Oklahoma State of v. Thompson

Filing 2

ORDER re 1 Notice of Removal filed by Donell Thompson, Jr. Stephens County Criminal Case No. CM-2024-32 is REMANDED to the District Court for Stephens County, State of Oklahoma, pursuant to 28 U.S.C. § 1455(b)(4) and 28 U.S.C. § 1447(c). Signed by Judge Stephen P. Friot on 3/27/2024. (llg)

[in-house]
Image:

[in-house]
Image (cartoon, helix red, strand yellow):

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IN THE UNITED STATES DISTRICT COURT FOR THE WESTERN DISTRICT OF OKLAHOMA STATE OF OKLAHOMA, Plaintiff, -vsDONNELL THOMPSON, JR., Defendant. ) ) ) ) ) ) ) ) ) Case No. CIV-24-260-F District Court for Stephens County, Case No. CM-2024-32 ORDER Defendant Donell Thompson Jr., proceeding pro se, has filed a notice of removal, purporting to remove a criminal misdemeanor case against him, Case No. CM-2024-32, pending in the District Court for Stephens County, State of Oklahoma. Defendant is charged with outraging public decency in violation of 21 O.S. § 22 and malicious injury to property – under $1000 – in violation of 21 O.S. § 1760(A)(1). Doc. no. 1-1, ECF p. 2. Recently, on two different occasions, defendant has attempted to remove another criminal misdemeanor case to this court. The Honorable Joe Heaton and The Honorable Scott Palk summarily remanded the cases to the District Court for Stephens County. See, State of Oklahoma v. Thompson, Case No. CIV-23-1080-HE; State of Oklahoma v. Thompson, CIV-24-126-SLP.1 Section 1455 of Title 28 of the United States Code sets forth the procedure for removal of a criminal prosecution. It requires a defendant to file a notice of removal 1 The Honorable Bernard Jones summarily remanded a criminal case to the District Court for Stephens County involving a different defendant. See, Order at doc. no. 3 in State of Oklahoma v. Brown, Fabian-Ceon Corp. Sole d/b/a Fabian Ceon Brown, Case No. CIV-23-1204-J. “containing a short and plain statement of the grounds for removal[.]” 28 U.S.C. § 1455(a). It also requires the district court to “examine the notice promptly.” 28 U.S.C. § 1455(b)(4). If “it clearly appears on the face of the notice and any exhibits annexed thereto that removal should not be permitted,” section 1455 requires the district court to “make an order for summary remand.” Id. The court has reviewed defendant’s notice of removal. The court concludes that defendant has failed to state in the notice of removal a jurisdictional basis for the removal. In the notice of removal, defendant asserts that this court may hear a “diversity case.” Doc. no. 1, ECF p. 1. Diversity jurisdiction is available to resolve “civil actions” where the matter in controversy is between “citizens of different States.” 28 U.S.C. § 1332(a)(1). However, the case defendant has removed to this court is not a civil action. As stated, it is a criminal action. Further, under well-established law, a state, like the State of Oklahoma, is not a “citizen” for purposes of diversity jurisdiction. Moor v. Alameda County, 411 U.S. 693, 717 (1973). Although not asserted in the notice of removal, the court recognizes that a defendant in a state criminal case may remove the case to federal court if he satisfies the requirements of 28 U.S.C. §§ 1442, 1442a, or 1443. Defendant, however, has failed to allege any facts to satisfy any of the statutory requirements. Removal under § 1442 requires that the state criminal prosecution be “against or directed to” the “United States or any agency thereof or any officer (or any person acting under that officer) of the United States or of any agency thereof[;]” a “property holder whose title is derived from any such officer[;]” any “officer of the courts of the United States” or any “officer of either House of Congress[.]” 28 U.S.C. § 1442. Defendant does not allege that he is an officer of the United States or any agency thereof or that he was a person acting under such officer. Nor does he allege that he is a property holder whose title is derived from any such officer, 2 that he is an officer of the courts of the United States or that he is an officer of either House of Congress. Thus, § 1442 does not authorize the removal of this criminal case to this court. Next, removal under § 1442a requires that the state criminal prosecution be “against a member of the armed forces of the United States on account of an act done under color of his office or status, or in respect to which he claims any right, title, or authority under a law of the United States respecting the armed forces thereof, or under the law of war.” 28 U.S.C. § 1442a. Defendant does not allege that he is a member of the armed forces or that he claims any right, title, or authority under a law of the United States respecting the armed forces thereof, or under the law of war. Consequently, § 1442a does not authorize the removal of this criminal case to this court. Lastly, removal under § 1443 requires that the state criminal prosecution be “[a]gainst any person who is denied or cannot enforce in the courts of such State a right under any law providing for the equal civil rights of citizens of the United States, or of all persons within the jurisdiction thereof” or “[f]or any act under color of authority derived from any law providing for equal rights, or for refusing to do any act on the ground that it would be inconsistent with such law.” 28 U.S.C. § 1443(1) and § 1443(2). Defendant does not allege any facts which would satisfy the requirements for removal under either § 1443(1) or § 1443(2). See, Johnson v. Mississippi, 421 U.S. 213, 219 (1975); City of Greenwood, Miss. v. Peacock, 384 U.S. 808, 824 and n. 22 (1966). Therefore, § 1443 does not authorize the removal of this criminal case to this court. Because defendant has failed to establish in the notice of removal a basis for this court to exercise jurisdiction over the state criminal prosecution against him, the court concludes that this criminal action must be remanded back to the District Court for Stephens County. 3 Accordingly, the above-entitled criminal action is REMANDED to the District Court for Stephens County, State of Oklahoma pursuant to 28 U.S.C. § 1455(b)(4) and 28 U.S.C. § 1447(c). DATED this 27th day of March, 2024. 24-0260p001.docx 4